The Army again took the offensive on five main fronts in August 1969, with four regular divisions and about 30,000 Kurdish irregulars against about 15,000 guerrillas. Some of the heartiest fighting took place in the Persian frontier area, where the Army attempted to close the border; Kurdish sources claimed that the guerrillas had made a successful attack in this sector on the Army camp at Dokan on the night of Sept. 20-21, destroying 30 tanks and other equipment, and had repulsed on Sept. 24 an offensive by a force of irregulars led by Mr. Talabani. The Air Force was reported to have made 120 attacks on Kurdish villages in September, forcing about 200,000 of that to take refuge in the mountains.
Kurdish sources alleged, in reports reaching London on Oct. 3, 1969, that Government troops had massacred the entire population of two hamlets, killing 99 old men, women and children in one and 67 in the other. In the second incident it was alleged that troops had entered the hamlet of Dakan (north-east of Mosul) on Aug. 16, and on finding that the inhabitants had taken refuge in a cave had piled up wood and straw in the entrance, soaked it with petrol and set it on fire, all but three of the 70 people in the cave being burnt alive. The Iraqi Embassy in Paris denied the story on Oct. 6.
Baghdad Radio announced on Sept. 18 that 30 Persian soldiers had been killed and 14 others captured by Iraqi forces while trying to cross the frontier near the area controlled by the insurgents, and that these captured had confessed to being members of the Persian armed forces who had been sent to infiltrate into Iraq. The Persian Foreign Minister denied the report on the following day, but suggested that "certain elements of the population of the frontier regions, whose families are the object of almost daily bombing and napalm attacks by the Iraqi forces engaged against Mullah Barzani's troops, may have been driven to participate in the fighting without the Persian Government's knowledge".
Iraq had long accused Persia of sending arms and supplies to the Kurds. The Persian Government insisted that it was only sending food and medical aid, but British correspondents reported that there was little-doubt that some of the Kurdish arms supply routes ran through Persian territory.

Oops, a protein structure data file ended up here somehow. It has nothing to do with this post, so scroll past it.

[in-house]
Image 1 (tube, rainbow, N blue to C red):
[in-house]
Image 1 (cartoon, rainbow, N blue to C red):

As stated above, the Government made repeated attempts during 1969 to broaden its basis by securing the co-operation of other socialist and Arab nationalist parties, including the Communists. In a broadcast on July 18 President Bakr admitted that "all attempts to form a progressive national front have so far failed", as "all the patriotic and nationalist forces of Iraq have refused to collaborate with us, for reasons which are their own concern", and appealed to the other parties to "modify their attitude towards the revolution and its achievements".
Baghdad Radio announced on Nov. 9, 1969, a number of amendments to the provisional Constitution. These laid down that the President of the Republic would in future also be Head of the Government, Supreme Commander of the armed forces, and President of the Revolutionary Command Council; that the Vice-President of that Council would discharge the duties of the President of the Republic in his absence; and that the Council would be enlarged by the addition of a number of persons who had taken an active part in the "revolution of July 17, 1968". Under this amendment all the members of the Iraqi Baath Party leadership and the Iraqi members of the pan- Arab command of the faction of the party led by Mr. Michael Aflaq were appointed to the Council on Nov. 10, the membership of the enlarged Revolutionary Command Council being as follows: